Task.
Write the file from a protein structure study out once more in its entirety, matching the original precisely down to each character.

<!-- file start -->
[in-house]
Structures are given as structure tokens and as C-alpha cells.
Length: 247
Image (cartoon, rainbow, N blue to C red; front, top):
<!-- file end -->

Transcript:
[in-house]
Structures are given as structure tokens and as C-alpha cells.
Length: 247
Image (cartoon, rainbow, N blue to C red; front, top):